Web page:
Wikipedia is a worldwide collaborative encyclopedia project made up of a globalized network of volunteers who give their time to edit the site. Within this globalized network, there still lacks a diversity of voices. “In a 2011 survey, the Wikimedia Foundation found that less than 10% of its contributors identify as female; more recent research puts that number at 16% globally and 23% in the United States.” (Mandiberg, M., Prajapati, S., & Schrock, R., 2020). Who contributes to a database matters. Especially when in 2015, that database was “the 7th most visited website in the world” (Paling, E., 2015). A 2011 study from the Pew Research Center, shows that “the more educated someone is, the more likely he or she is to consult Wikipedia. Almost 70 percent of Americans with college degrees read Wikipedia” (Paling, E., 2015). If college-educated people and students are using Wikipedia as a main source of information, there is an argument for students learning how to edit and contribute to the online encyclopedia that they use.
It is increasingly important for cis and trans women, gender-non-conforming people, people of color, and Indigenous communities to be written back into history. When information systems like Wikipedia systematically exclude aspects of the human experience, our understanding of the world is incomplete. To have access to a more accurate information system that includes representation of historically marginalized groups, our understanding of success, knowledge, and of ourselves can become more whole.
VIRTUAL EVENT SCHEDULE: Friday, September 18th
8:00 AM WIKI EDIT-A-THON BEGINS
8:15 AM OPENING REMARKS
8:30 AM EDITING WIKIPEDIA: TRAINING
9:15 AM LIBRARY RESEARCH: ONLINE TRAINING
9:30 AM–12:00 PM EDITING WIKIPEDIA: FREE TIME
12:00 PM EDITING WIKIPEDIA: TRAINING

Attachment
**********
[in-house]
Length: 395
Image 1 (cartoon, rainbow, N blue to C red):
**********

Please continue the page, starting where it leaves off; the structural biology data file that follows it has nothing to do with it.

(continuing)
12:45 PM LIBRARY RESEARCH: ONLINE TRAINING
1:00 PM–4:00 PM EDITING WIKIPEDIA: FREE TIME
4:00 PM–5:00 PM CLOSING REMARKS
ArtNOW Art+Feminism 2020 is a Wikipedia-Edit-a-thon hosted by ArtNOW and the IDM Research Lab.
Co-sponsors: The Monmouth University Guggenheim Library and Program in Gender and Intersectionality Studies (PGIS) at Monmouth University.
This event was organized with the guidance of Art+Feminism, “an intersectional feminist non-profit organization that directly addresses the information gap about gender, feminism, and the arts on the internet… ensuring that the histories of our lives and work are accessible and accurate” (Mandiberg, M., Prajapati, S., & Schrock, R., 2020).
The Department of Professional Counseling’s Virtual Current Topics in Counseling Conference is facilitated by the department’s active alumni organization, Counseling Alumni Connection (CAC). This is the fourth annual conference coordinated by the CAC. The purpose of this event is to provide timely and important information relevant to the counseling field.
On Friday, October 16, a pre-conference ethics institute presented by Perry Francis, Ed.D, NCC, ACS, LPC will take place on the topic Ethics, Law, and Social Justice: The Intersection of Behaviors and Beliefs. A certificate for five (5) ethics continuing education hours will be provided. Participants will have one hour for lunch on their own.
On Saturday, October 17, a full-day event will be held starting with a keynote presentation, followed by six workshops over three sessions (one morning, two afternoon) on a variety of subjects. A certificate for six (6) continuing education hours will be provided. Participants will have one hour for lunch on their own, with virtual networking opportunities available during that time.
- Friday Only: $100
- Saturday Only: $125
- Full Conference: $200
MU Alumni, MU Employees, & Current Field Placement Supervisors Rates
- Friday Only: $100
- Saturday Only: $100
- Full Conference: $175
PLEASE NOTE: All current undergraduate and graduate students can attend the conference free of charge.
Please join us for a guest lecture by Dr. Max Cavitch, Associate Professor of English at the University of Pennsylvania, where he is also an affiliated faculty member of the programs in Cinema Studies, Gender, Sexuality, and Women’s Studies, and Psychoanalytic Studies.
Dr. Cavitch will be discussing literary taste and value in relation to autobiography—one of the world’s most popular and widely practiced genres. From “highbrow” triumphs of artistic intention to “middlebrow” narratives of historical significance to “lowbrow” tell-alls of gossipy celebrity, there are autobiographies to suit every taste. But what is “taste,” anyway? What does it have to do with “literary value”? And, moreover, what do either taste or literary value have to do with the question of whose lives and life-stories matter?
Refreshments will be served. Students, faculty, and interested members of the public are warmly invited to attend.
Free and open to the public.
Sponsored by the Wayne D. McMurray Endowed Chair in the Humanities, Dr. Kristin Bluemel